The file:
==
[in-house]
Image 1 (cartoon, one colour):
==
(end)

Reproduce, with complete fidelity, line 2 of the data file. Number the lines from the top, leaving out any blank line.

Image 1 (cartoon, one colour):